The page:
The 2010 sf/slasher hybrid Beyond the Black Rainbow was the best argument for shooting on film since…well, since the days where there was no other option. Directed by first-timer Panos Cosmatos (son of George P. Cosmatos, director of the hands-down best movie where Sylvester Stallone eats pizza with scissors), it ripples with visual imagination and a drifting, surreal approach to narrative. Just look at this thing. LOOK AT IT.
Oh yeah. There’s a scene in this film that feature a weird a jittering line running down one third of the screen, like a fuckup in the darkroom. But they didn’t go back and reshoot, no. Because what gives Beyond the Black Rainbow its flavor are those 35mm textures: the silky grain, the push-pull of one color bleeding into another, the spine-tingling play of light across the lens.
Alien: Isolation gets into this a bit, with its 70s-accurate anamorphic flares splitting the frame and the rainbow glow of chromatic aberration smearing this into that. But acatalept’s Parasomnia is a full-on love letter to visual distortion, a worthy peer to Beyond the Black Rainbow‘s fascination with texture. Acatalept made the game for the Unreal Engine October Game Jam, and describes it as “anxiety-inducing.” To say the least.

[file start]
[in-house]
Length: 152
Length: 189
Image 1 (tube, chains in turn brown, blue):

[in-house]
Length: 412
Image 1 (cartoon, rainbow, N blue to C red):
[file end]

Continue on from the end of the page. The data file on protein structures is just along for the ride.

With no warning, the game throws you into darkness. In the distance there’s some kind of pulsing light, illuminating a gleaming labyrinth in split-second washes. You run toward it, and the labyrinth overtakes you, faster than seems possible.
From there, it’s like being trapped in a sensory deprivation tank with a malevolent strobe light. Feeling your way around in this overwhelming darkness is, frankly, terrifying. Absurd amalgams of geometry loom in afterimage; a cyclopean sphere swivels endlessly; the corridors and caverns seem assembled by some cold algorithm.
Which, turns out, they are. Or they will be, in the full version of the game. Parasomnia as it stands is merely a slice of the sensory madness that acatalept has planned: procedurally generated labyrinths, shifting layouts (a la Cube; no word on murderous razor-wire grids yet), traps, and something haunting the maze. Yeah, that’s all this game needs! MORE dizzying terror!
Frankly, a pursuing force seems to gild the lily a bit. There’s already such a strong, transportive sense of isolation and confusion here that in the ten minutes I spent with the game I felt a little ill. The strobing light, digging into my dilated pupils; the bloated bassy clang that accompanies each flash; the impossibility of navigating this space confidently or ever accomplishing anything, really, ever. Because each time I try to get my bearings, the dark floods back in. And, to think of it, what the hell is making that noise?